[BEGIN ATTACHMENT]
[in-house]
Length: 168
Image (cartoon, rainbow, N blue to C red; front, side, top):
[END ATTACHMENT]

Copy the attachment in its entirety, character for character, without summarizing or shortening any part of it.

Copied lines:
[in-house]
Length: 168
Image (cartoon, rainbow, N blue to C red; front, side, top):